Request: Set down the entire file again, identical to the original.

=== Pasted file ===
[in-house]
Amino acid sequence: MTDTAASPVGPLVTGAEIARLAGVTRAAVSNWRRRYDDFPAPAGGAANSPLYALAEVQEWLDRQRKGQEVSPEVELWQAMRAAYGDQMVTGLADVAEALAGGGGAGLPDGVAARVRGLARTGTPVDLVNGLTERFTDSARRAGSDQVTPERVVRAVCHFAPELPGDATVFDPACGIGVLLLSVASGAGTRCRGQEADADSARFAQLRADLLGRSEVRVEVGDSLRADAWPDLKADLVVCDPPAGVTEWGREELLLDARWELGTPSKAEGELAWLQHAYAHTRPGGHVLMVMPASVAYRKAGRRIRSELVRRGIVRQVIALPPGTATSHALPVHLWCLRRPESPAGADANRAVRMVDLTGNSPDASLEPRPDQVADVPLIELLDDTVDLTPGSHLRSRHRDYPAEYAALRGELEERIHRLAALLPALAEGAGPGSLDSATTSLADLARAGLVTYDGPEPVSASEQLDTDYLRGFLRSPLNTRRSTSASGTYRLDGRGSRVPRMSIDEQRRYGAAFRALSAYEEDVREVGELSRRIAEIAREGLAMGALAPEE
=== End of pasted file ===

[in-house]
Amino acid sequence: MTDTAASPVGPLVTGAEIARLAGVTRAAVSNWRRRYDDFPAPAGGAANSPLYALAEVQEWLDRQRKGQEVSPEVELWQAMRAAYGDQMVTGLADVAEALAGGGGAGLPDGVAARVRGLARTGTPVDLVNGLTERFTDSARRAGSDQVTPERVVRAVCHFAPELPGDATVFDPACGIGVLLLSVASGAGTRCRGQEADADSARFAQLRADLLGRSEVRVEVGDSLRADAWPDLKADLVVCDPPAGVTEWGREELLLDARWELGTPSKAEGELAWLQHAYAHTRPGGHVLMVMPASVAYRKAGRRIRSELVRRGIVRQVIALPPGTATSHALPVHLWCLRRPESPAGADANRAVRMVDLTGNSPDASLEPRPDQVADVPLIELLDDTVDLTPGSHLRSRHRDYPAEYAALRGELEERIHRLAALLPALAEGAGPGSLDSATTSLADLARAGLVTYDGPEPVSASEQLDTDYLRGFLRSPLNTRRSTSASGTYRLDGRGSRVPRMSIDEQRRYGAAFRALSAYEEDVREVGELSRRIAEIAREGLAMGALAPEE